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Drought: Sacramento Region Receives Millions In Grants

Bob Moffitt / Capital Public Radio

The Sacramento River Water Treatment Plant.

Bob Moffitt / Capital Public Radio

The California Department of Water Resources has awarded more than $14 million in grants for drought-related and water-related projects in the Sacramento region.

The announcement was made at the Sacramento River intake facility on Jibboom Street.

Gary Bardini with the Department of Water Resources says the grants will help the state achieve goals set in the California Water action plan.

"A lot of that improvement hinged on water reliability --and within that drought management, conservation, strengthening regional water management like we're here today, and, of course, storage."

The money will help fund nineteen conservation, pump station, pipe, intertie, and well-improvement projects in Placer, Yolo and Sacramento counties.

The most expensive projects are a new pipeline connecting the Carmichael Water District to the Golden State Water Company and a new pipeline for the El Dorado Irrigation District.

John Woodling of the Regional Water Authority said the water projects will help eliminate waste and increase access.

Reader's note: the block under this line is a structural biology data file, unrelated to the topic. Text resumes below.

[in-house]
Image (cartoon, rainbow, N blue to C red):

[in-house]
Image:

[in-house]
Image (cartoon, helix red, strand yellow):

"A pipeline that will go under the American River will allow water that's treated by the Carmichael Water District, on the north side of the river, to be used on the south side of the river in Folsom and Rancho Cordova during times of drought. "

The projects including a canal repair in Yolo County, upgraded wells in Sacramento County, and new pump stations in the City of Roseville.

Two hundred million dollars in grants were allocated statewide.

The money comes from voter-approved Proposition 84.

Some of the money will go to conservation incentives.

In recent months, Sacramento and Roseville have used 20 percent less water compared to last year. That's double the average conservation rate for the state.